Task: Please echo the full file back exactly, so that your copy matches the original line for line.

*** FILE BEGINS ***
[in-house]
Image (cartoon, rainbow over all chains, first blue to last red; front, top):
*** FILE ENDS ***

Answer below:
[in-house]
Image (cartoon, rainbow over all chains, first blue to last red; front, top):